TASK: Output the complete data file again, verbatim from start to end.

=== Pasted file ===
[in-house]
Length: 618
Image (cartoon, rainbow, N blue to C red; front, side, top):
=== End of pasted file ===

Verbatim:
[in-house]
Length: 618
Image (cartoon, rainbow, N blue to C red; front, side, top):